Marks & Spencer is carrying out a major review of its buying department in a move that will affect 40 buyers, at least six of whom will lose their jobs.

The retailer was rationalising its headcount in response to tough trading conditions, said a manufacturer supplying the company, who condemned the game of "musical chairs".

"Between 30 or 40 people are on notice and will have to reapply for their jobs," he claimed, warning that the move was a sign M&S would continue to toughen its stance on suppliers as well.

"Other retailers have done this in the past but if they treat their own employees like this, it is an indication of what suppliers can expect," he said.

M&S confirmed it was "combining a small number of buying roles to avoid duplication", but denied buyers would have to re-apply for their jobs. It was in a period of consultation that it was legally obliged to undertake, it said.

"We are making changes to be more closely aligned to the needs of the business," said an M&S spokeswoman. "We hope to have the new structure in place in May."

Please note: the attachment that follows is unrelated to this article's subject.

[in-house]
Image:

Redundancies were a

possibility, she admitted, but the retailer hoped to place those who lost their jobs in other roles in the company.

Suppliers expressed concern about the ramifications for their businesses. M&S had already started turning the screw, claimed one, and was now "just as harsh as anyone else".

"With other retailers you expect to get a kick between the legs, but because of the brand values of Marks & Spencer, it has been a surprise," he said.

Earlier this year, The Grocer revealed details of Project Genesis, M&S's new food and drink trading terms, which included an across the board 2% cut in prices paid to suppliers, a 1.5% marketing charge and possible further cuts of up to 3.5% depending on sales growth with the retailer.

At the time, Sir Stuart Rose claimed the terms were "perfectly reasonable".

"I do not believe there is any issue where a supplier will be worse off having done more business with us. If there is such a case clearly we wouldn't ask them to do that," he said.